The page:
What risks are involved in being an electricity company and how does this affect electricity customers?

linesOne of the significant risk an electricity company faces in deregulated electricity markets is related to market risks.

Loss in profit can occur because of a significant change in the price of energy commodities. Electricity companies buy energy commodities like natural gas because it is used in creation of electricity power at power plants.

Energy companies don’t just buy these commodities but they also hedge these commodity prices by use of the futures market.

Oil is also used in the process of creating electricity because the large turbines in these plants need oil to run so you could say natural gas and oil play a part in the market risks associated with selling electric power.

Electricity companies in highly volatile markets may not get the best price on these commodities and may miscalculate the demand or price for their electricity rate and plan.

If an electricity company gets any number of these market risk variables wrong they could face bankruptcy because of the thin margin of error available to them from the tight profit margins they work within.

These market risks have a direct impact on profits and because of this it makes more sense for new electricity companies in the market to offer a variable electric rate plan instead of fixed rate plans.

Beyond just the market risks new electric providers are faced with liquidity risks as well and are many times unable to trade in large quantities preventing them from using hedging strategies to even create a fixed electricity rate product.

A customer of one of these electricity companies unable to manage market and liquidity risks will be placed on a variable electric rate that is unhedged.

The electric service customer ends up taking on all the risk instead of the energy provider. Customers are routinely funneled into these variable unpredictable electricity rate plans because it takes most of the risk off of the electric providers shoulders.

By spreading the market and liquidity risks associated with selling power over several thousand electricity customers by one of these providers it allows for easier profits and a generally easier to manage business model.

The variable electricity rate products are less complex to manage and can be framed to the customer as being cheaper and an overall better price plan than a fixed rate.

A fixed rate usually offered by larger more established electricity companies in the market requires that the electricity company take on these risks and still make a profit.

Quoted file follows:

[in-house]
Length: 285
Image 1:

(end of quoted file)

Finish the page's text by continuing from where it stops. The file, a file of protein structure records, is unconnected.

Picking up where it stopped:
The hedging, energy buying, and credit requirements needed to create and sell predictable fixed electricity rates is costly and therefore is why fixed electricity prices are more expensive the first month than a variable rate plan.

Fixed electric ratesThe electricity customer may look at two rate plans side by side. One of these rate plans will be variable one is fixed. The variable price is 8.49 cents per kWh and the 12 month fixed rate is 10.65 cents per kWh.

Many times the customer will choose the 8.49 cent rate because it is cheaper. The next month that variable rate customer will likely see their rate go up to more like 11 cents per kWh and this is when you can see that the variable rate is an easy way for electricity companies to slip one by on many an electric service customer.

The reason the variable rate is so low the first month is a combination of things. For one thing the electricity company has some statistics on exactly how long variable rate plan customers generally stick with them.

On a variable rate plan they can offer a low price the first month knowing that if they take a loss the first month they will make it up on the 2nd, 3rd, and 4th month the customer stays with them.

On those subsequent months the variable price for electricity continues to go up until the electricity company makes a profit. The energy provider then puts a large adder on top of a daily market spot price and it usually follows this market for the length of time the customer stays with them.

A variable electricity rate may also partially follow the natural gas commodities market and whatever profit margin criteria the electric company wants to add to the rate plan.

Also with a variable electricity rate plan there is no hedging being done as with fixed electric rate plans, which is a costly endeavor and requires capital and good credit backing.

To summarize electricity companies have market and liquidity risks associated with selling electricity service but by framing a variable electric rate to appear cheaper overall compared to a fixed electric rate plan they can almost completely drop these risks and allow the energy customer to handle that problem.

For many electricity companies energy risk management is handled by their customers and not the provider.

If you would like to compare commercial or residential fixed electricity rates where the price is predictable and the risk  handled by the electricity company please use our compare tool at the top right of this site. You may also call us at 1-800-971-4020

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